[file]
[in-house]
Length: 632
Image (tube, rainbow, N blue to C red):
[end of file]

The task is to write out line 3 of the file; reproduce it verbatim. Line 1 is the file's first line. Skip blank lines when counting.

Image (tube, rainbow, N blue to C red):